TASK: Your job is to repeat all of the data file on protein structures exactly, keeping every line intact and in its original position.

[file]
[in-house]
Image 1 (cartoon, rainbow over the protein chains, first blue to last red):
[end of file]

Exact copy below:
[in-house]
Image 1 (cartoon, rainbow over the protein chains, first blue to last red):